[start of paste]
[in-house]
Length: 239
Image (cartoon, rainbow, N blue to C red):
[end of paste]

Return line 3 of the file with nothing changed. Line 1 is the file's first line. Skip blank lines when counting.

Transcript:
Image (cartoon, rainbow, N blue to C red):